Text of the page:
[00:18:03] So, so a lot to impact, you know, um, you know, when kids don’t want to TRO (temporary restraining order) go, a lot of times that’s, because the other parent, um, the parent that’s not wanting to let them go, essentially, um, they’re doing or saying things to that child that kind of puts plant seeds in their head. About them not wanting to go.
[00:18:21] And that of course is a topic of parental alienation, which we can talk about ad nauseum, but I think we should touch on that and why that’s very dangerous, not only for the child, but also for the parent. There are consequences. Yeah, I mean the, the enforcement, one of the frustrations with family law is, the courts are very busy and they do hear some very extreme circumstances, and so, you know, we’ve talked about lenses and the lenses of the judges and what they hear and what seems important to a parent may not resonate as, as seriously with the judge because they hear.
[00:18:54] Some pretty extreme events, but one thing I will tell you is that judges generally are [00:19:00] very proud to be judges. They earned the right to be judges. Uh, they, they went to law school. They practiced, uh, in family law. And if you think as a parent, you know better than a judge, Or that the judges don’t value their court orders or enforce them.
[00:19:16] Some, some judges enforce the orders more strictly than others. I definitely agree with that. But over time, uh, if you have good attorneys on the case A, the, the, the process of litigation, the expense of litigation, the discovery, uh, the temporary hearings, the time away from your schedule, the time away from your kids.
[00:19:36] The stress that, that causes, that outside of what the court can do to you in and of itself, is ridiculous for parties to go through. I mean, you’re spinning your kids’ college fund because your 10 year old says, I don’t want to go. And you, you just kind of go, look, this is a court. This judge is going to enforce this court order.
[00:19:56] They may not put mom or dad in jail on day one, [00:20:00] but I have, I have sent people to jail on the weekends. I have sent people, I’ve made people pay tens of thousands of dollars in bonds to even see their kids before they get to take the child back. Uh, I’ve restricted access to parents altogether. I’ve taken alienation or alienating parents, their kids away from them and moved them to a boarding school to get the alienation away together where they had to pay the entire expense of the boarding school, all of the counseling, treatment, treatment.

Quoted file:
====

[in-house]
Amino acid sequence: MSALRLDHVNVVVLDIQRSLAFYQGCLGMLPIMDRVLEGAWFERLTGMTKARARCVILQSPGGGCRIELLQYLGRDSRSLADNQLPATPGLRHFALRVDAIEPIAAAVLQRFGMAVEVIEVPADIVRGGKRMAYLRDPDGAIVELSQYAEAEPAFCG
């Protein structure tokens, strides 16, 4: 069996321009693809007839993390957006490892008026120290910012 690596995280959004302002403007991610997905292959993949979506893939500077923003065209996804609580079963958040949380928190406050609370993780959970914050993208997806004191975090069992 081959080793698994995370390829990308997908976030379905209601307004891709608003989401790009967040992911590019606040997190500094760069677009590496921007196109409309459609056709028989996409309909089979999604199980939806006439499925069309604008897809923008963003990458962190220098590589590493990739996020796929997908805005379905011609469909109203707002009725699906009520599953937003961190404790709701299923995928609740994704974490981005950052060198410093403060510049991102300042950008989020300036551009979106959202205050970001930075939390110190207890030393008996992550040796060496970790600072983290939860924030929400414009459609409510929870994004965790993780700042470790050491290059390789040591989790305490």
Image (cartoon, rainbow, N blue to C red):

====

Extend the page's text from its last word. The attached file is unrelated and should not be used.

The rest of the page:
[00:20:31] So these courts will get outside the box. And if you think nothing else, remember if, if you’re sitting on that bench and you’ve earned the right to make a court order and you’re proud about that, and you don’t want somebody coming in there just driving the boat yourself. And that’s the kind of the mindset of most judges, you know, don’t, don’t try to buck that system and, and don’t just think that well, my child doesn’t want to go, so I’m not going to make that happen.
[00:20:56] Think about the modification of the orders [00:21:00] first, but don’t exercise self-help. I get clients all the time that call me and say, well, my lawyer told me, uh, the child doesn’t have to go today because she doesn’t want to go. And I said, well, that’s great, but I, I would never tell a client to violate a court order unless there’s an immediate emergency.
[00:21:15] And then, and only then, And, and I’m talking, we file within 48 to 72 hours where we’re going, filing an emergency tro that kind of extreme event. Not, well, the child wasn’t feeling like going today or the child has an activity, uh, and dad wasn’t going to take them. So I, I, I’m going to keep the child here, or the child has the flu today.
[00:21:36] Um, you know, and the child’s sick. So, uh, you know, and, and keep in. I do want parents to exercise reasonable common sense. Like, you know, when I say stay on script, there are moments where if you have a good relationship with the other parent, you’re cooperating and the child is, uh, you know, is sick or has an event, try to head that off, try to trade trade schedules, look at that, [00:22:00] uh, way in advance.
[00:22:01] But what happens is when you get off, With that order. And then a party tries to get back on script. Now they’re the enemy. And the reality is the script of the order itself is the roadmap for how people are to operate in a separated household. So I always encourage people to say, look. I don’t want to fight with you.
[00:22:20] I don’t want to make this some kind of arbitrary schedule where maybe it’s convenient for you, but it, it’s not convenient for me and we’re going to get into arguments about that. So let’s just go back to the script and that’s just a very neutral way to, to get back on script if you’ve gotten off. But with respect to the orders themselves, Um, just remember that that consistency and that stability is, is great for your children and, and they’re going to be enforced.